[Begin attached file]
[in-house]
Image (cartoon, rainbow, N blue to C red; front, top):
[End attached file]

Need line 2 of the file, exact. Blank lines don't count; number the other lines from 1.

Image (cartoon, rainbow, N blue to C red; front, top):